Suspicion quickly turned to Roberts, who colleagues at the medical company suspected was having an affair with Cheek. Roberts lied to Riverside County sheriff’s deputies when questioned about the liaison.
Roberts, who also lied to his co-workers about the affair, did so out of shame and embarrassment, his lawyers said. But detectives hunting for a killer saw it as an effort to cover up his role in the brutal slaying.
During three trials, two of which ended in a hung jury, prosecutors would show jurors Roberts’ inconsistent statements, characterizing them as lies designed to cover up a murder. They pointed out the presence of his truck near the crime scene and a purse in his possession that one of Cheek’s daughters swore her mother had left with the night she disappeared.
But more than any other evidence, the watch found next to Cheek’s body would lead to Roberts’ conviction. He was sentenced to 15 years to life for second-degree murder.
From his prison cell, Roberts reached out to the California Innocence Project. Over the next decade, lawyers sought DNA testing from Cheek’s fingernail scrapings, the rope that was used to strangle her and the watch found near her body.
The organization’s legal team in 2013 filed a petition for a writ of habeas corpus on behalf of Roberts. Michael Semanchik, managing attorney for the California Innocence Project, said that watch had the DNA of Harris’ son on it and clearly was not Roberts’ watch.
Superior Court Judge David A. Gunn, however, denied the petition in 2014, finding Roberts did not “completely undermine the entire structure upon which the prosecution is based” and the evidence did not unerringly point to his innocence.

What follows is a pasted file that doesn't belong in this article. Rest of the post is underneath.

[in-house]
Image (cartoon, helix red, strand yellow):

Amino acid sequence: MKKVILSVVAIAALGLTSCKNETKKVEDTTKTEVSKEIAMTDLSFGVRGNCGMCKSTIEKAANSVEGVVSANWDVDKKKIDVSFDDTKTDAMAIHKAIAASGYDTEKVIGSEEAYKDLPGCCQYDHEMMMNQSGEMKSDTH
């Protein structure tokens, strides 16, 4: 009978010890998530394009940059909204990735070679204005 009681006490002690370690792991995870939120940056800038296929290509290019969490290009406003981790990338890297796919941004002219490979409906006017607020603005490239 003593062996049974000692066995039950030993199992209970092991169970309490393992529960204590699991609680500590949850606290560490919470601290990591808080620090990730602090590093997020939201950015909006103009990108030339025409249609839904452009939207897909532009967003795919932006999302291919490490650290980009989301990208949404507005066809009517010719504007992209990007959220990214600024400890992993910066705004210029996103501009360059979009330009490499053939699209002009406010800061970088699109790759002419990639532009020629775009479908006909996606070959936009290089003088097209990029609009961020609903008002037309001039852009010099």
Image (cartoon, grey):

Gunn, nonetheless, did note that if he were to be using the lesser burden for “material false evidence,” he probably would have granted a new trial because the evidence “surely raises the specter of reasonable doubt.”
Gunn also green-lighted more DNA testing of evidence. In 2017, the crime scene evidence was sent to the California Department of Justice laboratory in Riverside, which did a more sophisticated DNA test than available in 1998. The DNA from Cheek’s left-hand fingernails matched to Leal in March and he and Harris became the focus of a new probe. Blood on Cheek’s pants appeared to be that of another unknown man.
Roberts’ lawyers say that Cheek often borrowed his truck for errands and that she or her killers drove it down the highway and parked it near the lake in 1998.
Two months after Cheek’s killing, Leal was charged with molesting a child under 14. He was convicted of oral copulation of an unconscious victim in August 1998. He served six months in jail and was required to register as a sex offender. His DNA became part of the state criminal database.
“No one had any idea who Leal was since his name did not appear in any of the case files,” said Semanchik, one of Roberts’ lawyers. But Leal’s victim in his sex crime case, according to Semanchik, was the child of a woman Harris had dated after Cheek’s death.
5 p.m.: This article was updated with additional information about the case.
This article was originally published at 2:05 p.m.